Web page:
Color therapy needn't be the refuge of bleary-eyed hippies. Here are six
ways in which a splash of color will improve your life
Putting up some orange can galvanize your brain. "Studies show people are more productive in orange rooms," says color specialist Mark Wentworth (colorforlife.com). "It's a useful mix of energizing red and creative yellow, so it can boost energy levels." This should hopefully stop you wasting your time on Facebook.
Make it blue. Research by the University of Alberta in Canada shows this simple choice can make your blood pressure drop. "And it gives the impression you're a loyal, consistent and moderate thinker," says color therapist Jean Andrew (clearskyholistics.com).
Vote green for your screen. "Research shows that it calms and reassures us," says Wentworth, "probably because when our ancestors saw a sea of lush greenery, they knew they weren't going to starve." Andrew agrees: "Green is great for a balanced, calm view."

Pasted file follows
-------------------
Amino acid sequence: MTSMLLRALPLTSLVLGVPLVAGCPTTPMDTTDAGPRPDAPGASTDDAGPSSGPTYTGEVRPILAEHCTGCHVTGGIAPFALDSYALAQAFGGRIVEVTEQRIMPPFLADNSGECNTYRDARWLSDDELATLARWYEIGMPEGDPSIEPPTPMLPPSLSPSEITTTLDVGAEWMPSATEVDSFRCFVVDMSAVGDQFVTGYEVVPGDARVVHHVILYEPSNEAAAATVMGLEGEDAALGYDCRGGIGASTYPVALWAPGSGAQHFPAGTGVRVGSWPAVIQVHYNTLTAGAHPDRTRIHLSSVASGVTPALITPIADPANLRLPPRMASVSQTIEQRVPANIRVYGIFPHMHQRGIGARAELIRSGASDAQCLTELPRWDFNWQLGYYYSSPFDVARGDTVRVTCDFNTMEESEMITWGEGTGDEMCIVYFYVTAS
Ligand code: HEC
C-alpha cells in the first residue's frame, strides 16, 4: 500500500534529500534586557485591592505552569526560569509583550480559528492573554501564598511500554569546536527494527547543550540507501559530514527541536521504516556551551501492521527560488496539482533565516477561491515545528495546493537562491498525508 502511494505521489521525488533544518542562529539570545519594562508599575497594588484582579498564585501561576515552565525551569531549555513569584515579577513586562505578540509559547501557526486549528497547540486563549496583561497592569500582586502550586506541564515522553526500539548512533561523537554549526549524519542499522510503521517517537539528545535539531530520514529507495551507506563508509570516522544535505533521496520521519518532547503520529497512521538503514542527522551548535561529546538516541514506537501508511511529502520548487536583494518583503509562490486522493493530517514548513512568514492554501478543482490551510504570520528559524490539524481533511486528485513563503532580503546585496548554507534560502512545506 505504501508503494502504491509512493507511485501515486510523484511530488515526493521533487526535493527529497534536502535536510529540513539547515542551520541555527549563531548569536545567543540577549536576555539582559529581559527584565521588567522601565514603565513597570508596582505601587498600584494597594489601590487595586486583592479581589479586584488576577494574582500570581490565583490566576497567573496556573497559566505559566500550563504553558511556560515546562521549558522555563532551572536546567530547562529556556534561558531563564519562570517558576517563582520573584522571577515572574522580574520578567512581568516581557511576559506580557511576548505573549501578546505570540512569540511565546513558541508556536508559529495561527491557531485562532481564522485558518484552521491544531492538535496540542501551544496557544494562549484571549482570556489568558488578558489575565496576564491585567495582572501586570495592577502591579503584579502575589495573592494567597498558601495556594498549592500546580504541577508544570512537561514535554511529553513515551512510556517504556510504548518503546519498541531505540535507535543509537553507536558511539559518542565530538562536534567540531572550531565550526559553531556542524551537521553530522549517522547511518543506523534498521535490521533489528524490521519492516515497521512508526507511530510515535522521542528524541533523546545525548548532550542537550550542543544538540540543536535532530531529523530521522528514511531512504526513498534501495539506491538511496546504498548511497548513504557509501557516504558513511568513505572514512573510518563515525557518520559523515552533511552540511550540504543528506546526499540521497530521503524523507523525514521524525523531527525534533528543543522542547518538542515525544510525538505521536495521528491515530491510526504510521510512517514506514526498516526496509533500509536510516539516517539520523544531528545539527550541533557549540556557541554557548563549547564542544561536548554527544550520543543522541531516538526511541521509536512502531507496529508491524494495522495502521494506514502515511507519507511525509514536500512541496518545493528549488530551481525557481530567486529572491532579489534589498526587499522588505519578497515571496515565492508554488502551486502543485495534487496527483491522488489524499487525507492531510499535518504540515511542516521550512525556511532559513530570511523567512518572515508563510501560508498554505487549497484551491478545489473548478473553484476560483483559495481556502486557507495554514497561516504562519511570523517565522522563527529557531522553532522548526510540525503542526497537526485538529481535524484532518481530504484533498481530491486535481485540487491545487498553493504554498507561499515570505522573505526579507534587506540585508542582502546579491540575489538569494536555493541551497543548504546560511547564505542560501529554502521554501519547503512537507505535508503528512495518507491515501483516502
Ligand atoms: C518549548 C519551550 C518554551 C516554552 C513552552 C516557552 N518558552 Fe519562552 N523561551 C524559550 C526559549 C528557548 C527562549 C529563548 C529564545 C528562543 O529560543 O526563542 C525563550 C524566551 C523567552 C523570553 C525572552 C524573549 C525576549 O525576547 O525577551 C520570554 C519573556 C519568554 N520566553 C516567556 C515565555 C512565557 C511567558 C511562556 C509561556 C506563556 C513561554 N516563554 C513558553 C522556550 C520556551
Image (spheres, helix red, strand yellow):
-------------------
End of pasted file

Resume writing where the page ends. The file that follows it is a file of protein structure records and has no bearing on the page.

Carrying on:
Ever wondered why Blair, Bush et al sport red ties? Studies by the University of Rochester in the U.S. found that red signals dominance. "A red tie asserts authority, especially with a black suit," says Andrew. "It makes the wearer appear more assertive."
If you want your boss to take notice, give your presentation a yellow cover: "Studies show this improves concentration and makes people take notice," says Andrew. "That's why yellow is used for legal pads." And why you can't look the girl from accounts in the eye when she's wearing that mustard V-neck.
If you want to be enigmatic, stay on the black path. "Black is all colors absorbed and narrows your silhouette," says Suzy Chiazzari, author of The Complete Book of Color. Cornell University in the U.S. found it to be the color of "authority and power." Perfect for "hands off" notes in the fridge.